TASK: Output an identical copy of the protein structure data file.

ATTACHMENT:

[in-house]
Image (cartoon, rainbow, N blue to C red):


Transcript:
[in-house]
Image (cartoon, rainbow, N blue to C red):